Tuesday, June 05, 2007

Small Town Saskatchewan

I drove out to the farm this weekend. Sometimes I feel nostalgic going out there because so much about the area has changed since I was a kid. Buildings have deteriorated and have been abandoned or replaced. People have either moved away or passed away. Even some of the trees have changed to a dramatic extent from the tornado 20 years ago. Some of the towns themselves are disappearing. You can still find Waitville, SK on Google Maps, but the population of that town is zero. I like to imagine what it was like when more people were around, when towns like this were bustling with activity. I try to put myself in the place of the people that lived in one of these towns during it's prime, having to watch it slowly dry up year after year. I would have thought they feel very melancholy at times. After driving through Crystal Springs I realized that not everyone feels the same gloomy, lonely, nostalgic feelings as me.

The speed limit abruptly dropped to 50 km/h from 90, but I wasn't going that fast as it was. The road was so poor that even 90 would have been dangerous. The slower speed allowed me to take a closer look at the town. The first building was the grey colour of wood that has long had the paint eroded from it. I imagined it was a store of some kind, as it had a facade front. It was tilting slightly, and one window was boarded up. The other window was just a hole, with obvious damage around it. One could walk right inside, but I didn't think anyone had been in ages.

A few more buildings looked to be in similar states. I noted some had cars parked next to them that didn't look as if they had moved in a decade or two either. Then I came across The Crystal Springs hotel, but it no longer had a sign up anymore identifying it as a hotel. I was wondering if it too was closed. I remember as a kid my grandpa would go there to play pool and have a few beers with his friends. This time though, no cars were parked in front. Right next door was what looked to be a garage, but it too was vacant and had been for years. The two places that would probably be the busiest in a small town were both looking very dead. I guess there just isn't enough customers anymore.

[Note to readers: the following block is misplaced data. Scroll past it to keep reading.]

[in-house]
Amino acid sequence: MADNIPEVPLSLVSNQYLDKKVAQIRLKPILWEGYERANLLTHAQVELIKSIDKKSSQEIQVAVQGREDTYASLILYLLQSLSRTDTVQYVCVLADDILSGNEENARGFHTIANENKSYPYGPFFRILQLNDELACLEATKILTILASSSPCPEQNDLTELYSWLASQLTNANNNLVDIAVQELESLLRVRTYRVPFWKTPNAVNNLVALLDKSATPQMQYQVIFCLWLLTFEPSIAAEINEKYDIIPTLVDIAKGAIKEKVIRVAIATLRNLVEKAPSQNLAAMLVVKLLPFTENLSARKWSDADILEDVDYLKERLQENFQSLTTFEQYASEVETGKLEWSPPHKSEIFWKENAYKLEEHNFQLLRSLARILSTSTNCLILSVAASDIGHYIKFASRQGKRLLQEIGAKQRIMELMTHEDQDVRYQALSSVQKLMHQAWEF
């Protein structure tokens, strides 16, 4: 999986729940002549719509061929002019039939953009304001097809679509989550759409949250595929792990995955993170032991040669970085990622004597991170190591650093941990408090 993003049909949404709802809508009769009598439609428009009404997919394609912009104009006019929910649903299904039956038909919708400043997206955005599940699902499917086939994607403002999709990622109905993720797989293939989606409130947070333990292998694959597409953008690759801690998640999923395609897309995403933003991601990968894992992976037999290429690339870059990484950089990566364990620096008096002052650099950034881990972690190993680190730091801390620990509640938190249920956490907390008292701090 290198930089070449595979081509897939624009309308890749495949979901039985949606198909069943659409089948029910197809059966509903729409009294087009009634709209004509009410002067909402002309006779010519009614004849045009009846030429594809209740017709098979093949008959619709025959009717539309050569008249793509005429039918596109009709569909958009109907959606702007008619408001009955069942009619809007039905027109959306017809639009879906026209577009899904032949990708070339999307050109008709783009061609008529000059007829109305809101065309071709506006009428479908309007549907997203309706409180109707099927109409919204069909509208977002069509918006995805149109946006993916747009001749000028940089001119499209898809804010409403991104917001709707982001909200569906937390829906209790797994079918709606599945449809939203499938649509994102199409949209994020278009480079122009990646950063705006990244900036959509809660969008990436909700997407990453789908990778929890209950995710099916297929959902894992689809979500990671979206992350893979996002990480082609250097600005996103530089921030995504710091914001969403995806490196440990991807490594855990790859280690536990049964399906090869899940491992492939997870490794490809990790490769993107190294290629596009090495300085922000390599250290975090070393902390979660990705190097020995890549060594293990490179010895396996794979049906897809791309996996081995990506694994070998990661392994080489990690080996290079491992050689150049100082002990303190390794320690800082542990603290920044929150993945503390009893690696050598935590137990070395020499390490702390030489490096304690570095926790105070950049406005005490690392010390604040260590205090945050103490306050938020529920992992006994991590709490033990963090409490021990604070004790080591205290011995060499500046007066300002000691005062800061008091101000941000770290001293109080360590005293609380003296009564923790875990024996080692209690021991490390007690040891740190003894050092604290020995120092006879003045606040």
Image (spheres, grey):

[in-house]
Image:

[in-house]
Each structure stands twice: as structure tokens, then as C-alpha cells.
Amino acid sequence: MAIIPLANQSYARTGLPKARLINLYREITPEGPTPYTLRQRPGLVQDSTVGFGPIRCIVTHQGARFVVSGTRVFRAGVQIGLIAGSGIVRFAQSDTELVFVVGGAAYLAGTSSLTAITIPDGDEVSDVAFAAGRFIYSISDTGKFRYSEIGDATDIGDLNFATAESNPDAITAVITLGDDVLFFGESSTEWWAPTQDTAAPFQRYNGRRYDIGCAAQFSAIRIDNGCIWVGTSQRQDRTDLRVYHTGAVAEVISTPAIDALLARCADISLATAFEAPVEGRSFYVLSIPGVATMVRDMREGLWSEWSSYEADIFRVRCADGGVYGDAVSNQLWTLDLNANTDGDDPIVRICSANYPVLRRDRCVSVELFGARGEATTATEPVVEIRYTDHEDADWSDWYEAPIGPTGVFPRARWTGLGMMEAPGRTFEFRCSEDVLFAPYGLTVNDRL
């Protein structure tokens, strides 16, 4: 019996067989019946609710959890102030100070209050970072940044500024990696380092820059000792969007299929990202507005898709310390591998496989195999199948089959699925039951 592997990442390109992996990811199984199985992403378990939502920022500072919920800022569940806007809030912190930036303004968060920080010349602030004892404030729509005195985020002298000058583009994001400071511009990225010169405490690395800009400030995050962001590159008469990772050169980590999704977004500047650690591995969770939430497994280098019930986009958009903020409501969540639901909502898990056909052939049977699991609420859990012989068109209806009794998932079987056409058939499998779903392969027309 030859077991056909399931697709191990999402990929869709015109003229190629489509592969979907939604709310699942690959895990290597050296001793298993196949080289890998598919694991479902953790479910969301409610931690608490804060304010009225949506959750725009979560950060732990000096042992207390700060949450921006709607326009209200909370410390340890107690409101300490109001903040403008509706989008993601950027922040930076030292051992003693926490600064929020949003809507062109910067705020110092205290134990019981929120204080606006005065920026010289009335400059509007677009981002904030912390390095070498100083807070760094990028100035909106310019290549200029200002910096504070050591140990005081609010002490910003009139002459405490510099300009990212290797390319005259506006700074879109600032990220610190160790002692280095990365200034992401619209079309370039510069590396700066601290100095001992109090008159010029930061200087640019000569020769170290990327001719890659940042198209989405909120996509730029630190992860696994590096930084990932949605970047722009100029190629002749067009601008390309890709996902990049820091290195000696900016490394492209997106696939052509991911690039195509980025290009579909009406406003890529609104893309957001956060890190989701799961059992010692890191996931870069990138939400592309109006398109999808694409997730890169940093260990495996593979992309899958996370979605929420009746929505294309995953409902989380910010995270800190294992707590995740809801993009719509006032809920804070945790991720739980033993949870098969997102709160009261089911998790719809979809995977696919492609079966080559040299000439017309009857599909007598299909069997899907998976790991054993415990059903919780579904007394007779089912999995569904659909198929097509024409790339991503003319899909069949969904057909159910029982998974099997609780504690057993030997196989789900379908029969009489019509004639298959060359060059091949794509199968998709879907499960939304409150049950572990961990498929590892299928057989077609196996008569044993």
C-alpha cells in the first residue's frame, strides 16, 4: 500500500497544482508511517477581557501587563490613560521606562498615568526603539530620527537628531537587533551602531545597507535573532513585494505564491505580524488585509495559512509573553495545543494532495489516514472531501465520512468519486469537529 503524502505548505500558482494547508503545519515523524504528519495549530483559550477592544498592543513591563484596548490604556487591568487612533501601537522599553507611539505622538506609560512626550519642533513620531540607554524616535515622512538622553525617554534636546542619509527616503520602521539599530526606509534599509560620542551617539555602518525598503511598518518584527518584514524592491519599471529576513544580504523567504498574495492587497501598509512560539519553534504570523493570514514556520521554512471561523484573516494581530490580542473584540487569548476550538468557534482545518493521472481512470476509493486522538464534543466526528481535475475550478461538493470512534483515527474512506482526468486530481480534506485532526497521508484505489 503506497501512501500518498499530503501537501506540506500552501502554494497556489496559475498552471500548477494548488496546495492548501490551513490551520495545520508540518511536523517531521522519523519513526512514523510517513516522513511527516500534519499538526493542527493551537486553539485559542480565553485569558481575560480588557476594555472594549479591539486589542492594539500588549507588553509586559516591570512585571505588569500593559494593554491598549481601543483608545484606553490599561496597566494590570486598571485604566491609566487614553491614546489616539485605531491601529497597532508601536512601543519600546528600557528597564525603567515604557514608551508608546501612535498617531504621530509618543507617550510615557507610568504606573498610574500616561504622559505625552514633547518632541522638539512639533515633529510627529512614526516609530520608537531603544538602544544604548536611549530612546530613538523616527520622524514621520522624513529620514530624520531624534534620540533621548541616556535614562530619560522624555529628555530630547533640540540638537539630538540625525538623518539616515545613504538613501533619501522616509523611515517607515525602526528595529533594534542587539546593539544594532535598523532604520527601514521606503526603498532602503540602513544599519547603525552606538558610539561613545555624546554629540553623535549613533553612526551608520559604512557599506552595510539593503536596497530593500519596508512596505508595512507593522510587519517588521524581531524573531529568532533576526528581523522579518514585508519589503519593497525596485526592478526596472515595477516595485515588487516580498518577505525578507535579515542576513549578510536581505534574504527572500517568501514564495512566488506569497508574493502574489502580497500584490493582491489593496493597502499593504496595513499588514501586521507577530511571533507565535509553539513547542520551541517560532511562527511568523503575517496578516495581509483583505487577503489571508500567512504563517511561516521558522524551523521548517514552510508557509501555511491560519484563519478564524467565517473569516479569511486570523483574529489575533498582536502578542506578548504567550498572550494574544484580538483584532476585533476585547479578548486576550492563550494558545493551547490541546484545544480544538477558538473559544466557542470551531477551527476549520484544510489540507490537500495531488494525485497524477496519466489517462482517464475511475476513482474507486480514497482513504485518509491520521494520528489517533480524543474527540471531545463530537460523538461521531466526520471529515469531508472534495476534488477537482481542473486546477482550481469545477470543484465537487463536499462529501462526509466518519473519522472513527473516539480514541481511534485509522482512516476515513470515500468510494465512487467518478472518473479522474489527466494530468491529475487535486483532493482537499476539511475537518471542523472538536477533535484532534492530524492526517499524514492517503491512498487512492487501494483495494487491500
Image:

The church was the next building I noted. I figure god still had a few customers, but not today. It looked better kept than that other buildings, but again no cars were parked in front. My window was down and the only sounds were the birds, the breeze, and my car. It was kind of creepy. It only takes a minute to drive down the main road, so it isn't a big place but in that minute I didn't see anyone at all. No current signs of life, just evidence that people had been there once. Granted I didn't see it all. The town extended beyond the road I was on, but from what I could see, this was a ghost town. I smiled to myself that the church was empty because there wasn't a soul left in town.

I found myself feeling sad again, for this town that seems to lose life with each passing year. The town is literally losing lives. Like my grandpa who died recently, the inhabitants of this town likely have already passed on, or it won't be long. My heart went out again, not just for the people who see their town disappearing, but also because the town itself, their home, is a reminder of all the people that are no longer with them.

I came to the last house in town. At first glance I would have guessed it was also unoccupied. The paint was flaking off all over, the grass wasn't mowed, and the front step was being taken over by the tree behind it. This house was a little different from the others. It had curtains, and little knick-knacks in the window. There was a big antenna on the roof, and I could see there was some kind of backyard. I imagined this house was occupied, just that most of the traffic in and out and other signs of life took place on the side I could not see. I didn't feel bad for this person, living in this dried up town, because no matter how many people were already gone, it wasn't enough. In a town that seemed devoid of life, this guy still felt the need to give everyone an extra incentive to go away, for his door was clearly labelled with a 'No Trespassing' sign.

1 comment:

Anonymous said...

This place you describing sounds like Iron Forge. Everything looks old. All the people you know either transfer or quit :( .